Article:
HISTORY UNDERGRADUATE

at

FDU

Madison


 

Why study history?

Faculty

B.A. Requirements - About the Program

Pre-Law Minor

Study Abroad Program

Washington Internships

 Course Descriptions

Classes

Take a campus tour
 
 
 

History Web Page administered by:

Department of Social Sciences and History

Becton College of Arts and Sciences

FDU

Madison, N.J. 07940

Tel: 973-443-8721

Dept. Secretary: Ms. Grethe Zarnitz

Dept. Chair: Dr. David Rosen

This page was designed by Peter J. Woolley and is maintained by the Department of Social Sciences and History

Why study History?

"Ye can lead a man up to the university but ye can't make him think"
 
 

Why study history? Because it's fascinating. Taking a history course is like watching a never-ending soap except that you can stop the camera at any given point and dig into what really make the characters work. If you like people, you'll love history. People is what history is all about. Not just the people who have changed the course of events, but those who have never made the news are there for the keen observer--both the Pharaoh and those who painted and carved his tomb; both the roman emperor and those who he dominated; both the industrialist and the worker; the dictator and the victim. Everyone is grist for the historic mill.
 
 

Study history if you're curious. Study history if you're interested in finding out about yourself and the world you live in.
 
 

But history isn't simple. You will have to hone your skills. You will have to be a detective, a news analyst, and a critic. You may have the impression from secondary education that all history is memorizing the facts and spitting them back in multiple-choice or true-false form. The facts are essential, but at a higher level it is you who get to interpret them, to turn them over in your mind, and to draw conclusions from them. Your conclusions cannot ignore the facts or suppress them, but the picture is there even though the puzzle may be missing a few pieces. To study history is to attempt to understand the world around you by investigating the ongoing experiment in which we are all involved.
 
 

And history is truly interdisciplinary. Art, literature, music, social trends, abnormal psychology, -- it is the laboratory experiment for all. But it also strives to give a framework, to confirm that you have not simply been dropped here on a trash heap out of which protruded a classic here and a truant there; a heroine here, a scientific break through there; here the Venus de Milo, there Vanna White. Discover where you are and maybe even who you are. Stranger things have happened.
 
 

"And where will it get me?" That's not an unimportant consideration. You will learn to read critically. You will learn to write clearly. You will learn to sort special interests out from general interests. You will become familiar with an infinite variety of human responses to both good and evil situations. You will become more resourceful, more sophisticated, more aware. You may do better on graduate entrance examinations (history majors have an advantage here due to their experience at critical thinking and accurate expression of their thought).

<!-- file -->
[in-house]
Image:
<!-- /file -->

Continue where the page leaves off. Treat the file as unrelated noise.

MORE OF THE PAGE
So, history is an open field on which the human mind may graze at will. You can take from it what you will, but in the process you will be forced to consider a multitude of possible human responses. These are the same human responses which you will encounter at home, on the job, as a citizen, and as a human being.
 
 

Welcome aboard no matter what your major may be, but, who knows, it may even end up being history.
 
 

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Departmental Faculty
 

  • Dr. Robert McTague (Ph.D. Drew University) specializes in modern European and American intellectual history. He teaches our courses on 20th Century Europe, 20th Century United States, Modern Germany, U.S. Intellectual History, American Heroes and Britain since 1688. Representative of his unique historical interests is his article "Klee, Kandinsky, and Modern Physics" published in European Legacy. He is the faculty advisor to Phi Sigma Pi, the National Honors Fraternity.

Office - M15A

Phone - 973-443-8797
 

        Dr. Jasonne Grabher O’Brien (Ph.D. University of Kansas) specializes in medieval legal history. She teaches survey classes in ancient and medieval civilizations as well as upper-division courses that include “Origins of European Law,” “Medieval Art,” “Magic and Witchcraft” and “Burnt Offerings: Women’s History in Pre-Modern Europe.” Her research has been published in Roman Legal Tradition and History of Medieval Canon Law and Cincinnati Judaica Review. For the year 2002-3 Dr. O’Brien has been awarded a Mellon Post Doctoral Fellowship and will research at the Pontifical Institute of Mediaeval Studies in Toronto, Canada.

Office - M15A

Phone - 973-443-8735

 

Office - M34A

Phone -  973.443.8732
 
 

  • Dr. Diane Sommerville specializes in 19th century American history. She completed her doctoral work at Rutgers University, taught at Princeton University for several years, has authored several articles, and has a book forthcoming from the University of North Carolina Press.

Office - M30A

Phone - 973-443-8387
 

  • Dr. Thomas McDonald specializes in pre-1500 French and Roman Imperial history. He received his Ph.D. from Bryn Mawr in 1971. His courses include Ancient Civilization, Medieval World, the Rise of Rome, Roman Empire, Ancient Greeks, Medieval England and France, and Judaism, Christianity, and Islam. Among his scholarly contributions is a score of authoritative articles in Medieval France: An Encyclopedia (New York & London: Garland, 1995). He is often asked by community organizations to present programs on medieval history.

Office - M15A

Phone - 973-443.8730
 
  

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About the Program

The History Department fosters both broad based and specific objectives. The Department currently offers a wide variety of courses, all concerned with changes in human experience through time. These courses range from the histories of Greek and Roman civilizations to the histories of Europe and America. Some courses deal with the history of a particular country, others concentrate on a certain period of time and still other deal with a special theme. Taking advantage of the variety of offerings, students are able to develop broad perspectives on both the past and the present.